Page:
Charlene: We fight all the time.
Riese: You fight all the time?
Charlene: No no, it’s not that we fight all the time, but there’s always drama. When we watch ourselves on the show we see things that we didn’t even notice like, within ourselves, like “Oh my God, I’m so dramatic!” You know how some people are like, “Oh, I’m a little crazy,” and everyone else is like “yeah, we know!” I think we get a little less dramatic as time goes by.
Riese: So this season will be dramatic than last season, ’cause you’ve like, grown?
Charlene: It’s lesbians. There’s no such thing as less drama! I mean, it starts out at the very beginning. You saw that.
Riese: So like, when those girls were yelling at you outside the club, didn’t you ever want to be like, ‘you guys are acting crazy, this is way too dramatic?’ When all you’d done was talk for two minutes to a girl that turned out to be your friend’s friend’s ex-girlfriend?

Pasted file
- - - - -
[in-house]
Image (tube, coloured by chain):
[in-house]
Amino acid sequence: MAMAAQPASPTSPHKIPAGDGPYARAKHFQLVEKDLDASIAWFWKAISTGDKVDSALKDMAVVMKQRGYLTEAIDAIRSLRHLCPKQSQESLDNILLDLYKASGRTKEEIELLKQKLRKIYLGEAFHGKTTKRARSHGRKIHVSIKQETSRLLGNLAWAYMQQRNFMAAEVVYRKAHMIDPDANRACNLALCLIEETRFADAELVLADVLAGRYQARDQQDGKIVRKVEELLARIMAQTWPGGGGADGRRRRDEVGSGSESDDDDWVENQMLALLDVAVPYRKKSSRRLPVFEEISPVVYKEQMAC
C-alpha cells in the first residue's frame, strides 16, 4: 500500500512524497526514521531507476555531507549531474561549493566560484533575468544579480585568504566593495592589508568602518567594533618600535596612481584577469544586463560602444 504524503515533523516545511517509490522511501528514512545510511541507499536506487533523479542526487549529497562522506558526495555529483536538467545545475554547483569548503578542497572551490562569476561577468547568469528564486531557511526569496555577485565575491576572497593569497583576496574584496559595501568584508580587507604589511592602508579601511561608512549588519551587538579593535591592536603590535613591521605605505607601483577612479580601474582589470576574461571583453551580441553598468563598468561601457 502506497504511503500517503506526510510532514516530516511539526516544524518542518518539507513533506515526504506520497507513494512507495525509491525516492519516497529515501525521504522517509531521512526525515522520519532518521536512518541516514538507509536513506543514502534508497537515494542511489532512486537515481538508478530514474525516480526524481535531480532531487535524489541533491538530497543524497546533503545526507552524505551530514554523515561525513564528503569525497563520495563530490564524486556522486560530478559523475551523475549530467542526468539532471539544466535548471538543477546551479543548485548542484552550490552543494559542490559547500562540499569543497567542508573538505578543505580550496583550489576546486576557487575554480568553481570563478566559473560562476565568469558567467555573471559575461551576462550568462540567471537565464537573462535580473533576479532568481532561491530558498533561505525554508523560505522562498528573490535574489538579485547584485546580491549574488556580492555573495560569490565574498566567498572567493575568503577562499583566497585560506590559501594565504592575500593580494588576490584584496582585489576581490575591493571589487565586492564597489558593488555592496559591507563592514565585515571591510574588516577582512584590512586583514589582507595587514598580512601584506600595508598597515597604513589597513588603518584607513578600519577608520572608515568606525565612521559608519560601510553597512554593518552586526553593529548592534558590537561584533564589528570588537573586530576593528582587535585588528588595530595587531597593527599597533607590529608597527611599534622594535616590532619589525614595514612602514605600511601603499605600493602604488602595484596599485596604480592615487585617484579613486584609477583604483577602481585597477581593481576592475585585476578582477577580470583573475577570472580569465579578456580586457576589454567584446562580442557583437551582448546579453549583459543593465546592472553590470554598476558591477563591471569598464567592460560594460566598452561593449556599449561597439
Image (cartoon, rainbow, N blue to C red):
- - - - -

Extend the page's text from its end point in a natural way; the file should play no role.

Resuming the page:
Charlene: Well when I was pulled outside the first thing I thought in my head was like, “Well, what’s going on?” I thought that Miami was gonna be a little different. Not that I didn’t think it wasn’t going to be dramatic, but I honestly … I just really didn’t expect it on the first day.
Riese: So did that get any better?
Charlene: It was just like, what am I in for if this is what it’s like on the first day? What the hell am I in for now?
Next: “We were at a lesbian club and there was one particular girl and I was like, “why do I think she’s cute, why do I have this interest in her?” —>